But others get it. The note that the two speakers are divided between the title and main text of the poem – student and teacher. They get that the teacher is using alternating forms of sarcasm, and why. They get that the last full stanza is sincere.

I show them my annotations, and we discuss them:

We talk, at this point, about what matters more: the thoughts inside your head while you are reading, or how well you answer someone else’s questions about reading after you finish reading. They get it: what goes on in your head matters more (and even determines how well you answer the questions). In real life, what goes on in your head is all you will have left – there are seldom questions at the end in real life. We also talk about the meaning of the poem, and it is here that I introduce our Inquiry question for the year: What Is the Purpose of Education?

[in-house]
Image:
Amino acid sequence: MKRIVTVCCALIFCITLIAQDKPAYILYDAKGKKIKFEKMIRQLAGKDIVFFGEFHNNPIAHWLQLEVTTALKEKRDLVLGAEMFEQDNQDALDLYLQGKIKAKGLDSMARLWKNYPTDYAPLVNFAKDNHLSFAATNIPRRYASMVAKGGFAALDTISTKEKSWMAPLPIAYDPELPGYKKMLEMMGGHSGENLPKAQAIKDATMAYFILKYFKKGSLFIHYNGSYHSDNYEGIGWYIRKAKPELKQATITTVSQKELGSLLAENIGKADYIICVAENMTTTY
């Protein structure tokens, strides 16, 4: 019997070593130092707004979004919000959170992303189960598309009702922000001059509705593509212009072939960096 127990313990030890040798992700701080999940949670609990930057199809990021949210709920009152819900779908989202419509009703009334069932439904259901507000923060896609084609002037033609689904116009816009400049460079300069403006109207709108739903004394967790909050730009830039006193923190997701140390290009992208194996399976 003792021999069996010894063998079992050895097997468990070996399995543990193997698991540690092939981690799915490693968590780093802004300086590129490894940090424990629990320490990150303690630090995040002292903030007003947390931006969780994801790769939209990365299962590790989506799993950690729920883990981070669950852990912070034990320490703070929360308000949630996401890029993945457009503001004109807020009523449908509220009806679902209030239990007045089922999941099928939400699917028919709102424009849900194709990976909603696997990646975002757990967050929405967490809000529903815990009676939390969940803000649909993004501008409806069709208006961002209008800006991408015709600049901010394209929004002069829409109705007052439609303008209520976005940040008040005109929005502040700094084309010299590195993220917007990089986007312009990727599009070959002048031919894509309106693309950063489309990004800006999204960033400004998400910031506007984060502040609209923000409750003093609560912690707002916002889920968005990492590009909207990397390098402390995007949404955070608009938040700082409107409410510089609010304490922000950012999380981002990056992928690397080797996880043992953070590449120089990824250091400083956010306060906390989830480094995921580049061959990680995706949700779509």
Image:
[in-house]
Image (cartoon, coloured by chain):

That final stanza, I tell them, is actually sincere. And it is what I try to achieve in my class: “Everything. Contained in this classroom/ is a microcosm of human experience/assembled for you to query and examine and ponder”. We talk about what a microcosm is. We talk about how we our class will be a place to query and examine and ponder. We will place texts, ideas, and questions in the center, and then examine them.